I have fond childhood memories of hot summer days, awaiting the neighborhood ice cream truck. I don’t remember the driver’s name, but I thought he was ancient (but since I was 8, he could have been 25), wore a white jacket and hat, and drove a little red convertible around the neighborhood, blaring out some musical tune that could be heard for blocks, drove our parents crazy, and hypnotized all of us into running toward it at full speed. He arrived with a cooler that was fully loaded with as many ice cream treats a kid could imagine, which made it hard to decide what to choose. I’m sure many an ice cream bar was melted with all us hanging over the side of his car, staring into the cooler, and mired in indecision. One year, I was fully entrenched in my Drumstick phase, but when I discovered the Creamsicle the following summer, everything else fell away. I still can’t resist that combination of creamy vanilla ice cream and orange sherbet, so dreamt up this super easy cremesicle pie. It can stay happy as a clam in your freezer for a couple of weeks or more, waiting for you to get the urge for a treat, and is nice to have for drop-in company. The crust is crumbled waffle cones, held together with melted butter and a little sugar. Then all that’s left to do is grab a couple of containers of ice cream and start layering. The crust is not baked in advance, so the whole thing comes together in a few minutes. I swear I can hear that little ice cream truck tune every time I grab a slice.
Since I couldn’t decide, figured I’d make this a couple of different ways to see which was best. The top photos is with the orange sherbet on the bottom, vanilla middle, and orange sherbet on top. The next photo is the opposite, with the sherbet in the center. After much pondering and tasting, I have no idea which is best, and all I got out of that experiment besides getting to stuff myself on ice cream was a case of brain freeze. I like them both just the same, so I’m leaving it up to you which way you’d like to go with this. It’s fun to decorate the top of the pies with edible flowers if you are so inclined. I’ve used dahlias and nasturtiums with these two. Learning from experience, wait until serving before you decorate due the fact that the flowers will freeze and curl up once they come out into normal air temperature.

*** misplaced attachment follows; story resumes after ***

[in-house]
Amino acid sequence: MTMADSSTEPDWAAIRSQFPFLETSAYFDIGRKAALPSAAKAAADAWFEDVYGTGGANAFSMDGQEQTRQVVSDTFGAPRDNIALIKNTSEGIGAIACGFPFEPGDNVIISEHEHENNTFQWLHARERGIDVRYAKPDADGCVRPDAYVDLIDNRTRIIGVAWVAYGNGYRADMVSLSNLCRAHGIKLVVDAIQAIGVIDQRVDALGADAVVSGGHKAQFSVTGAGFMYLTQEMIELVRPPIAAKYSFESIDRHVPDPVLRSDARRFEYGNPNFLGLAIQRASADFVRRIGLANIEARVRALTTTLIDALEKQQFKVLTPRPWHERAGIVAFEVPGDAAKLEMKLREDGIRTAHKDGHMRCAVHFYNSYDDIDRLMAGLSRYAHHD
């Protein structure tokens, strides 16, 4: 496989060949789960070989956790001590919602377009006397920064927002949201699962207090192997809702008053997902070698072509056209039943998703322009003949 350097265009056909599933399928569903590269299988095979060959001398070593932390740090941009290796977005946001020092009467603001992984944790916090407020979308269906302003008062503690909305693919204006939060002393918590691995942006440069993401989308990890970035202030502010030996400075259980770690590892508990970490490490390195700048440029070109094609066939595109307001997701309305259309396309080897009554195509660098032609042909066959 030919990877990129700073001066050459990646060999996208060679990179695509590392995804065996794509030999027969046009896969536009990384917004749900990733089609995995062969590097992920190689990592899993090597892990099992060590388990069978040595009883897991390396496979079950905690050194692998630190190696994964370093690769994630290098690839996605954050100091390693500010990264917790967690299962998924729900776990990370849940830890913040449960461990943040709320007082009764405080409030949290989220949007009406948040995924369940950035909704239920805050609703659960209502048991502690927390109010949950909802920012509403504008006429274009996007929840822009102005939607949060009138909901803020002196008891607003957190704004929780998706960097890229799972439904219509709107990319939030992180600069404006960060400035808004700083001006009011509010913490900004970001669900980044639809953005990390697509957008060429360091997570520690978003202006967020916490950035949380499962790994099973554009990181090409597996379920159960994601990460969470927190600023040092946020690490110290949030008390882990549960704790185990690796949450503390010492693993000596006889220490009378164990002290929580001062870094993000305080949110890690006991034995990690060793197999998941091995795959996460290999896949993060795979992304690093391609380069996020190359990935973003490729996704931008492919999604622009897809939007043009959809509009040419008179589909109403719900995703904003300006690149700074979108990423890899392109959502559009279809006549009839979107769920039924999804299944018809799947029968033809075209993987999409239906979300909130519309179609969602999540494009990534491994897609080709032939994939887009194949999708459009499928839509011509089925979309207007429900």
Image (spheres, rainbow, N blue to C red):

And you may notice that the ice cream is getting a little….soft. This is due to the fact that it took 2 1/2 hours to shoot all of these photos, and the pies were getting quite fussy with me by the end of the afternoon, since they had been thrown in and out of the freezer several times. I was covered in various flavors of ice cream, but that is not a topic I will ever complain about.
And now, let’s have ourselves a slice or two…
Hope you have fun with this one!! Thanks for reading everyone, and happiest of summers to you. xoxoxoxo
- FOR THE CRUST
- 1, 5-ounce package of waffle cones (I used Keebler brand in this recipe)
- ¼ cup granulated sugar
- ½ teaspoon salt
- 1 stick butter, melted
- FOR THE PIE